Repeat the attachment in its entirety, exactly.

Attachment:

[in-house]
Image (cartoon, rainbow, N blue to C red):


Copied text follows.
[in-house]
Image (cartoon, rainbow, N blue to C red):